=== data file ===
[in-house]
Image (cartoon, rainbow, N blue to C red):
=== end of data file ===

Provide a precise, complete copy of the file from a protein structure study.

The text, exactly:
[in-house]
Image (cartoon, rainbow, N blue to C red):